I would like to update you on our response to COVID-19.
I’m joined today by Dr Jenny Harries, the Deputy Chief Medical Officer.
As of 9am today:
127,737 people have now been tested for the virus.
108,215 have tested negative.
19,522 have tested positive.
Of those who have contracted the virus, 1,228 have, sadly, died.
The virus is indiscriminate
It doesn’t matter who you are, where you are or how old you are.
We each have a part to play by staying at home, protecting the NHS and helping to save lives.
We all have a duty to one another to keep everyone safe.
So today I would like to give you two updates, before answering questions.
The first on the plans I have put in place to ensure that every corner of the country can confront the coronavirus epidemic.
The second on what the government is doing to shield the most vulnerable people in society.
On the first question, I have put in place in all parts of the country procedures to ensure that everywhere can be ready to move forward together. All parts of the country are now on an emergency footing.
This is an unprecedented step in peace time.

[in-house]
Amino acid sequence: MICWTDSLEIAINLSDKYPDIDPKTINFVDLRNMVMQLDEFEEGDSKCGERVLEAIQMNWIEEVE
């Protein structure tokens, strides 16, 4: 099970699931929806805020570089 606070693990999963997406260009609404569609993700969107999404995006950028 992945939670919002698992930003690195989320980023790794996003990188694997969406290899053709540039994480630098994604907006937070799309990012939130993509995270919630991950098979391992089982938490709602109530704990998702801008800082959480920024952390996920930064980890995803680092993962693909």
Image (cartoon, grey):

We haven’t done anything like this since the Second World War.
This means that we’re establishing strategic co-ordination centres across the whole country.
Each centre is led by gold commanders.
We are bringing together senior members of the emergency services
the police, the fire service, the ambulance service
with local authorities and the NHS, to lead communities through this challenging period.
From Cornwall to Cumbria.
And we have embedded within each of these groups members of the armed forces – including some of the finest military planners in the world.
These groups are planning the local response to the virus.
Using their expertise, their judgement and their leadership to ensure a comprehensive, a coordinated, and consistent response across the country.
One issue that they have been helping us to coordinate and about which I know there is a lot of concern is the provision of personal protect equipment.